therapy was of value to patients with voice and swallowing problems
arising out of Parkinson’s disease.
2. Postnasal Drip Can Cause a Persistent Cough
Postnasal drip is also called upper airway cough syndrome and
develops from the nose.
When your nose is irritated by allergies or a condition like sinusitis it
produces more mucus than normal, and the type of mucus is watery
and runny. It drips down the back of the throat, causing a cough when
it triggers the nerves in the nasopharynx.
If you cough a lot because of postnasal drip you are more likely to
cough at night, and be aware of a tickly feeling in the throat.
Inhaling steam can help a persistent cough caused by postnasal drip.
Some evidence also points to the herb "marshmallow" as helping
soothe a postnasal drip cough.
A 1992 study from Medizinische Fakultät Comenius Universität,
Bratislava found the herb was moderately successful as a cough
3. You Can’t Stop Coughing Because of Asthma
Not every asthma patient suffers from wheeziness and breathlessness.
Some just cough. Asthma comes about from bronchospasm, where the
tubes that carry air into the lungs are narrowed. In "cough variant
asthma", coughing is the only symptom of the condition. In most cases
the cough is dry that happens throughout the day but may begin at
Boswellia, the herb, has been shown to be a potentially effective
treatment for asthma as it helps to inhibit inflammation.
A 1998 study from the Pharmazeutisches Institut der Universität
Tübingen in Germany looked at 80 people with relatively mild asthma
symptoms including coughing and found that 300mg of boswellia three
times a day helped reduce the frequency of asthma attacks.
4. Gastroesophageal Reflux Disease Can Cause Coughing
You may be surprised to learn that your persistent cough could be
caused by gastroesophageal reflux disease (GERD).
And you may not even suffer from heartburn. GERD occurs when
stomach acid travels up instead of down into the intestines, resulting
usually in heartburn and belching. But in some cases the acid irritates
nerves in the lower esophagus, which can trigger a cough reflex.
Deglycyrrhizinated licorice (DGL), a form of the herb licorice, has been
shown to help treat GERD. A 1990 study from the University Hospital of
South Manchester in the UK studied a drug with similar ingredients to
licorice and found that it helped, although it is not clear whether licorice
itself offers clear benefits.
5. Your Persistent Coughing May Be Due to Chronic Bronchitis
Chronic bronchitis is persistent inflammation of the bronchial tubes,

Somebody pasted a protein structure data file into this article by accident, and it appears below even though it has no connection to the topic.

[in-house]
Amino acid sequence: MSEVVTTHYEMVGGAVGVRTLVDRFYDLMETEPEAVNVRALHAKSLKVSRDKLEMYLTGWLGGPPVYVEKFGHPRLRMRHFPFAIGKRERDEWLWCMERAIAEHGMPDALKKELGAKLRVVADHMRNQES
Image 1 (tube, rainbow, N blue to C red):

which normally comes about due to smoking or to exposure to
chemicals in the air.
The chronic inflammation irritates the airways and causes excess mucus
production. Eucalyptus contains essential oils from the family
monoterpenes. These oils have been studied as a treatment for chronic
A 1991 study from Marienkrankenhaus in Germany found that oral
treatment with monoterpenes from eucalyptus oil helped prevent acute
flare-ups of chronic bronchitis, which could help reduce the frequency
6. An Ingredient in Chocolate Could Stop Persistent Cough
According to a 2004 study from Imperial College London and Royal
Brompton Hospital in the UK, an ingredient in chocolate could stop your
Theobromine, a cocoa-derivative, was found to be a third more
effective at stopping a persistent cough than codeine, currently
considered to be the most effective cough medicine.
Theobromine is thought to work by suppressing vagus nerve activity,
which is responsible for coughing.
7. Is a Persistent Cough a Sign of Lung Cancer?
You may panic that a persistent cough is a sign of a lung problem.
While lung cancer is not the most common reasons for a persistent
cough, it is a symptom.
Yet a 2010 survey carried out in the UK for Lung Cancer Awareness
Month found that only a small number of people in the UK realized that
persistent coughing could be caused by cancer.
The survey looked at 2,000 people and found that only 11 percent
identified a persistent cough as a sign of lung cancer. If your persistent
cough will not go away, and you are feeling rundown, you are losing
your voice or feeling breathless, get the condition checked out by a